Curran remains Minister of Broadcasting and a minister overseeing the Accident Compensation Corporation. Apart from a drop in salary and status, she has not lost very much. If she is not up to task of a Cabinet minister, she should not be a minister.

Ardern needs to do what prime ministers must do when a person they have appointed is not up to job.

Kate Hawkesby: More concerning than a flaky Clare Curran is a soft Prime Minister Jacinda Ardern

Two token portfolios taken off her – Government Digital Services and Open Government removed from her watch, and getting lumped outside Cabinet.

But she gets to keep her plum roles as Broadcasting and ACC Minister. Why?

Strong leadership is always more desirable than someone willing to offer lots of second chances to a recidivist offender.

I would have thought the fact Derek Handley is on the board of Sky TV is all the ammunition you need to fire your Minister of Broadcasting.

So what are you waiting for Prime Minister?

That last article was republished in the ODT (who covered Curran’s demotion extensively in their Saturday edition as she is a Dunedin MP).  They are running an online poll:

Has Clare Curran paid a fair price for twice failing to properly declare meetings?

  • Yes: 18%
  • No she has been treated to harshly. She should have stayed in Cabinet: 2%
  • No she has not been treated harshly enough. She has stuffed up too many times and should no longer be a Minister: 80%

That is at best only a rough indication of public opinion, but it’s a rough look for Curran on home turf.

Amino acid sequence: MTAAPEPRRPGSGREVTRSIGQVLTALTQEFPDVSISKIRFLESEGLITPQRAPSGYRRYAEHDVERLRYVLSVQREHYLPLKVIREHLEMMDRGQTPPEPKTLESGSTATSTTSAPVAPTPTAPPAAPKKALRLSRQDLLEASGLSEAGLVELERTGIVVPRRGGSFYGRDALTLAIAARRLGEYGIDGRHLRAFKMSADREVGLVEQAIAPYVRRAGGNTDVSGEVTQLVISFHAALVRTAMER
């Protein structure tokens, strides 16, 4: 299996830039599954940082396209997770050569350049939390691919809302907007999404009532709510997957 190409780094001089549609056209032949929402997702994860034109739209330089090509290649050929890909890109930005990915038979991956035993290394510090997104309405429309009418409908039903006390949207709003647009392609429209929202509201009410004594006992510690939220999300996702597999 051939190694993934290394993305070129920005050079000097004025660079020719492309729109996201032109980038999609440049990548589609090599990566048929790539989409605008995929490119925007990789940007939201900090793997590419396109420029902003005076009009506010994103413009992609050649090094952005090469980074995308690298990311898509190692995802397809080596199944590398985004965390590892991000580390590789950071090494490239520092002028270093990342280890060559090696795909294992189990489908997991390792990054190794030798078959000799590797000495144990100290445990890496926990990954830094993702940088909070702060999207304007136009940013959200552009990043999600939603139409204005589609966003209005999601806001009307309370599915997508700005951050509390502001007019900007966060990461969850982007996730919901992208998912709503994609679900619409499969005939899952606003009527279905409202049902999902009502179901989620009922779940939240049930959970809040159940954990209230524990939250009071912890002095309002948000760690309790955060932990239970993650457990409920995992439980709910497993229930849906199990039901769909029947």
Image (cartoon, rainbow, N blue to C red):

I expect that this issue will be raised at this afternoon’s weekly media conference with Ardern.




  1. Gezza

     /  27th August 2018

    She’ll have to go. 😡

    Who else have they got? 😳

    Alison Mau had a couple of suggestions. 🤔

  2. PDB

     /  27th August 2018

    Weak leadership has been a feature of Ardern’s tenure thus far – govt MP’s doing and saying whatever they like (in Curran’s case flatly lying to her), going soft on Curran and even her own party keeping her out of the loop over the ‘sexual assault camp’ saga (if you believe that).

    Must be time to wheel the baby out again…

    • Blazer

       /  27th August 2018

      one word …McCully.

    • duperez

       /  27th August 2018

      Prioritise PDB: Is it better that a Minister lie to their boss or a PM lies to us?

      • High Flying Duck

         /  27th August 2018

        Luckily with Jacinda and Curran, we don’t have to choose!

        • Blazer

           /  27th August 2018

          not as polished as the Nats you reckon…at ‘plausible denial’.

  3. Blazer

     /  27th August 2018

    its a proportionate reaction.

  4. Trevors_elbow

     /  27th August 2018

    I love this. Jacinda could have done a Helen. Sacked Curran … waited 3 to 6 months and reappointed her. (How long was the drink/drive minister stood down by Clark?)

    Effectively a nothing punishment. Curran gets to escape the spotlight. Jacinda shows her muscle. The press praise Jacinda. Everyone but political junkies forget whatever the scandal was….

    And nothing really has changed after the stand down has been served.

    Very poor political management and a very weak showing from Adern